Resilience Smart Cities

More Americans choosing to work from home instead of going into the office, study says

Story at a glance

  • New data from Pew Research Center highlights just how many Americans are working remotely.
  • Among those who have a workplace outside the home, 61 percent said they are choosing not to go in.
  • The reasons vary, with 42 percent citing exposure to COVID-19, while 76 percent said it’s simply their preference working from home all or most of the time.

The coronavirus pandemic upended the average workplace environment, quickly shifting away from in-person offices to working remotely, and new research suggests Americans prefer being able to work from home. 

Newly published research from the Pew Research Center that surveyed roughly 10,000 Americans from Jan. 24 to Jan. 30 found that nearly two years into the COVID-19 pandemic, roughly 6 in 10 U.S. workers who say their jobs can be done from home, at 59 percent, are doing so from home all or most of the time. Now, more workers say they are working from home out of choice than necessity. 

Among those who have a workplace outside of their home, 61 percent said they are choosing not to go in, while 38 percent said they’re working from home specifically because their workplace is closed or unavailable to them.  

Interestingly, Pew Research noted just the opposite was true earlier in the pandemic, with 64 percent of people indicating they were working from home because their office was closed while 36 percent said they were choosing to work from home. 


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The reasons why more Americans are choosing to work from home over going into the office vary, with 42 percent citing exposure to COVID-19, while 76 percent said it’s simply their preference working from home all or most of the time. 

Remote work has given workers a newfound flexibility, with Pew Research finding 64 percent of those who are working from home at least some of the time but rarely did before the pandemic say it’s easier now to balance work with their personal life.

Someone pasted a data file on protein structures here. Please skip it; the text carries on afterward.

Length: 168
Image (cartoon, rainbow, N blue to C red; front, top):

Pew Research also found that there’s been a significant increase in the percentage of people who said the fact that they’ve relocated away from the area where they work as a major reason why they’re currently working remotely, up to 17 percent compared to 9 percent in 2020. 

However, Pew Research found that most U.S. workers, or about 60 percent, don’t have jobs that can be done from home, forcing them to go into their workplace at least sometimes. About half of these workers who ever interact with other people at their workplace say they’re very concerned about being exposed to COVID-19, at 19 percent, and 32 percent are somewhat concerned. 

Separate data from Gallup found similar trends, with 45 percent of full-time employees working partly or fully remotely in September 2021, while 9 in 10 remote workers said they wanted to maintain remote work to some extent. Gallup also found that employers are at risk of losing talent if they don’t keep allowing remote work.  

Gallup’s poll found that 3 in 10 employees say they are extremely likely to find another job if their current company eliminates the ability to work remotely. 

Companies are trying to decide the best move to make, such as Microsoftwhich announced it would be requiring employees to return to its Washington state-based offices by March in a hybrid work environment. Most Microsoft employees will be able to work from home up to 50 percent of the time. 

“We know there’s not a singular solution to how people work best, which is why we believe flexibility should be at the forefront of our evolving hybrid workplace,” said Microsoft, in a company blogpost.  


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